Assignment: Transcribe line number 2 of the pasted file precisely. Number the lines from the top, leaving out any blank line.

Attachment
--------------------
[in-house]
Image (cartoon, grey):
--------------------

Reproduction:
Image (cartoon, grey):